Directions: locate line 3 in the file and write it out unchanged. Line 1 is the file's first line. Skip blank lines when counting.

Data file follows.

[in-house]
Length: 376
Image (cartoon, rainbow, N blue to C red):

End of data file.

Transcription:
Image (cartoon, rainbow, N blue to C red):